Pay no attention to our record-high stock price, Netflix seemed to say Monday, as it reported third-quarter results that exceeded most expectations and gave investors further confidence in the business model for its streaming television and film service.
The company said it added 1.3 million streaming subscribers in the United States in the third quarter of the year, reaching the high end of its own projections and surpassing the 30 million mark domestically for the first time.
In international markets, where it is less established, Netflix added more than 1.4 million subscribers for a total of 9.2 million.
The results impressed investors; the company’s stock, which had already almost tripled this year, rose about 10 percent in after-hours trading to $390, beating its previous high.
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But Chief Executive Reed Hastings and Chief Financial Officer David Wells sought to temper enthusiasm about the stock price.
In their quarterly letter to shareholders, they said “some of the euphoria today feels like 2003,” when Netflix’s stock price quintupled in one year before sliding back to single-digit levels.
“We do our best to ignore the volatility in our stock,” the executives wrote as they redirected attention toward their membership totals, which they said have grown “every year fairly steadily.”
Netflix had projected that it would end the third quarter with between 30.5 million and 31.3 million streaming subscribers in the United States; on Monday, it said the total was 31.1 million, and released a projection for the fourth quarter of 32.7 million to 33.5 million. That eclipses the estimated 29 million subscribers that HBO’s 41-year-old pay-TV channel is believed to have in the country.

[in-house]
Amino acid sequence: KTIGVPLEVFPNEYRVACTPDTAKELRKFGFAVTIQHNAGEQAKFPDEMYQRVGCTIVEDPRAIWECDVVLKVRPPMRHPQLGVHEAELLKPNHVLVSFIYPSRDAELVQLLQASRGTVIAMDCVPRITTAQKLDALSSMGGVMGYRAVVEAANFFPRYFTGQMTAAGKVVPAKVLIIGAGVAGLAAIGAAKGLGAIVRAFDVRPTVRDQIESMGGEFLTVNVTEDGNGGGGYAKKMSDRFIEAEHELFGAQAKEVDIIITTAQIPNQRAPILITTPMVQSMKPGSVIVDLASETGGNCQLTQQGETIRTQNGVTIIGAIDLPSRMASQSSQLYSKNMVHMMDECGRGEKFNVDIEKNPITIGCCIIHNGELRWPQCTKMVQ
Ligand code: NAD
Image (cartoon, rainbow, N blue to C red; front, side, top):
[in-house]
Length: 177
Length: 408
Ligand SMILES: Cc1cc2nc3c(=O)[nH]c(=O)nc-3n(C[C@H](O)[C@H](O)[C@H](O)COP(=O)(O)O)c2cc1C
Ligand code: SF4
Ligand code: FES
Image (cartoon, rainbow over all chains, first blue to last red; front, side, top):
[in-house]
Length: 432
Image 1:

The company also said it expected to cross the 10 million mark internationally sometime during the fourth quarter.
Investors and analysts have paid close attention to the subscriber projections because Netflix has previously predicted that it could someday have 60 million to 90 million members in the United States, and even more overseas.
On Monday, Hastings, who frequently singles out HBO as Netflix’s chief competitor, hinted at a specific number it’s aiming for.
“We have done well but we have a long way to go to match HBO’s 114 million global member count or their well-deserved Emmy Award leadership,” he wrote in the shareholders letter.
Hastings also shed a little light on the relative success of Netflix’s original television shows, like “House of Cards,” the first such show for the service. “House of Cards” has apparently been overtaken by a bigger Netflix hit, “Orange is the New Black.”